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    Jake Ferguson, Wisconsin TE | NFL Draft Scouting Report

    Does Wisconsin TE Jake Ferguson have a scouting report worth an early selection in the 2022 NFL Draft? Let's see what the tape says.

    Wisconsin TE Jake Ferguson has been on the NFL Draft radar since his redshirt freshman season with the Badgers. Producing has never been a problem for the Madison, Wisconsin, product. However, as consistent as he’s been across his college career, does Ferguson’s scouting report carry enough weight to earn him an early selection in the 2022 NFL Draft? Let’s take a closer look.

    Jake Ferguson NFL Draft Profile

    • Position: Tight End
    • School: Wisconsin
    • Current Year: Redshirt Senior
    • Height: 6’5″
    • Weight: 244 pounds
    • Wingspan: 77 3/8″
    • Arm: 32 1/4″
    • Hand: 9 3/8″

    Jake Ferguson Scouting Report

    There’s no Kyle Pitts in this class, and Ferguson doesn’t have that upside. Still, very few players do. Draft analysts were spoiled with Pitts, but the 2022 NFL Draft demands recalibration. It’s unfair to judge incoming tight ends against Pitts. But against the traditional tight end mold, how does Ferguson’s NFL Draft scouting report stack up?

    Ferguson’s athletic profile

    Ferguson has intriguing athletic traits that were visible even in high school. He recorded a 4.73 40-yard dash and a near 35-inch vertical before his frame was fully developed, and that athleticism was on full display in 2021.

    Ferguson has solid straight-line explosiveness off the line of scrimmage, and his long strides help him gain speed quickly. With his burst, he accelerates quickly in the open field and stretch seams. He also possesses enough long speed to challenge linebackers in intermediate and deep zones, along with good lateral finesse and agility. Ferguson is a great run-after-catch threat, and sinks his hips and leans fairly well as a route runner, too.

    Beyond his speed and explosiveness, Ferguson is above-average at changing directions relative to his frame. Additionally, he’s proficient playing the ball in the air. The Wisconsin TE has stellar body control in mid-air and often proactively seeks out the ball with his hands. Furthermore, his vertical athleticism and smoothness allow him to rise and high-point passes in stride.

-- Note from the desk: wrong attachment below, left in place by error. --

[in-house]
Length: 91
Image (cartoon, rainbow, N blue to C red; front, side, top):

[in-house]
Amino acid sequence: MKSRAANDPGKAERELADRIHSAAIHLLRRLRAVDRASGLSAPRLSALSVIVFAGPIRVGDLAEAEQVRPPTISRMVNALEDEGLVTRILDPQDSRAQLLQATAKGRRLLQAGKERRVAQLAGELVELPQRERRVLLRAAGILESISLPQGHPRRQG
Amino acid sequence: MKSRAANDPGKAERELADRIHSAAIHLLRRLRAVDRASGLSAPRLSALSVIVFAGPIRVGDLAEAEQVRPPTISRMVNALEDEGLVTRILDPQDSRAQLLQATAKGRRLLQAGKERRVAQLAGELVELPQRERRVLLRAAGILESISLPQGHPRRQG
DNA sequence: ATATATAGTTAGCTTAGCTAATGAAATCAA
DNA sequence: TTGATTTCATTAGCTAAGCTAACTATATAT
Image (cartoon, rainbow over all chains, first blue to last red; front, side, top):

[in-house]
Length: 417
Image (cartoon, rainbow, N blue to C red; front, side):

Execution beyond the physical traits

    Ferguson has a great athletic foundation, but how does he complement that with execution? Even after three years as a starter, Ferguson is still a work in progress regarding the game’s finer points. Despite this, the Wisconsin TE has some appealing operational qualities.

    As a pass catcher, Ferguson’s hands are sturdy. He does have a few drops on his résumé, but those are often associated with inaccurate passes. Generally, and particularly in the red zone and other high-pressure situations, Ferguson flashes the focus and strong hands to haul in passes while airborne. He actively extends for passes, fights through contact at the catch point, and isn’t fazed in contested situations. He can make some steely, acrobatic catches as a result.

    Ferguson isn’t quite as appealing as a blocker, but he does have some redeeming qualities there. The Wisconsin TE has solid extension and uses his explosive burst to shoot into blocks. He can absorb power to an extent with his compact frame and owns decent torso flexibility.

    Among other things, Ferguson has some awareness regarding defensive blind spots. Quite a few of his touchdowns have resulted from him sneaking through to the end zone and exploiting open spaces. He also uses physicality at the stem very well.